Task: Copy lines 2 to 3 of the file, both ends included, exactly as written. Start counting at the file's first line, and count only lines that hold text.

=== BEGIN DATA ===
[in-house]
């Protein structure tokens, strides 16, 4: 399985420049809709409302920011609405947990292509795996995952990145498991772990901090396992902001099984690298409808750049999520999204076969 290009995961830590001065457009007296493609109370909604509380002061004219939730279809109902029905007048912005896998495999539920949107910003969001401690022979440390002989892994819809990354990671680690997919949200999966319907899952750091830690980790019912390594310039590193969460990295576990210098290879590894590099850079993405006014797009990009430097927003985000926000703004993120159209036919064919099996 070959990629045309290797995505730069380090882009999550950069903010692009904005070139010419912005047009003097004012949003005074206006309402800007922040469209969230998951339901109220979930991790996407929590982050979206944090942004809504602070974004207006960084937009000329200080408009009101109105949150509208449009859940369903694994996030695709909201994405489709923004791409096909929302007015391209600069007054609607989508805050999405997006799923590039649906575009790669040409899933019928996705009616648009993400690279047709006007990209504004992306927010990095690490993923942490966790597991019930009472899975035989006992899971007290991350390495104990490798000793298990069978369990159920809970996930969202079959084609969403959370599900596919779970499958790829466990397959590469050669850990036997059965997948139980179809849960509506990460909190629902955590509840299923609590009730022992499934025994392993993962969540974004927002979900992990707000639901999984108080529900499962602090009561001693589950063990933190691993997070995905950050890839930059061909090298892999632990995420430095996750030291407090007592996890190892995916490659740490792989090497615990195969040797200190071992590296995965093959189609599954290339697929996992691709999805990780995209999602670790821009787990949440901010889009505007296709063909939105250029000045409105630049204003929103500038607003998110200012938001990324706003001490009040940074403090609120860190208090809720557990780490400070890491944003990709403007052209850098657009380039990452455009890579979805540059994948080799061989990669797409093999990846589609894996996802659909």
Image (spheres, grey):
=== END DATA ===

């Protein structure tokens, strides 16, 4: 399985420049809709409302920011609405947990292509795996995952990145498991772990901090396992902001099984690298409808750049999520999204076969 290009995961830590001065457009007296493609109370909604509380002061004219939730279809109902029905007048912005896998495999539920949107910003969001401690022979440390002989892994819809990354990671680690997919949200999966319907899952750091830690980790019912390594310039590193969460990295576990210098290879590894590099850079993405006014797009990009430097927003985000926000703004993120159209036919064919099996 070959990629045309290797995505730069380090882009999550950069903010692009904005070139010419912005047009003097004012949003005074206006309402800007922040469209969230998951339901109220979930991790996407929590982050979206944090942004809504602070974004207006960084937009000329200080408009009101109105949150509208449009859940369903694994996030695709909201994405489709923004791409096909929302007015391209600069007054609607989508805050999405997006799923590039649906575009790669040409899933019928996705009616648009993400690279047709006007990209504004992306927010990095690490993923942490966790597991019930009472899975035989006992899971007290991350390495104990490798000793298990069978369990159920809970996930969202079959084609969403959370599900596919779970499958790829466990397959590469050669850990036997059965997948139980179809849960509506990460909190629902955590509840299923609590009730022992499934025994392993993962969540974004927002979900992990707000639901999984108080529900499962602090009561001693589950063990933190691993997070995905950050890839930059061909090298892999632990995420430095996750030291407090007592996890190892995916490659740490792989090497615990195969040797200190071992590296995965093959189609599954290339697929996992691709999805990780995209999602670790821009787990949440901010889009505007296709063909939105250029000045409105630049204003929103500038607003998110200012938001990324706003001490009040940074403090609120860190208090809720557990780490400070890491944003990709403007052209850098657009380039990452455009890579979805540059994948080799061989990669797409093999990846589609894996996802659909």
Image (spheres, grey):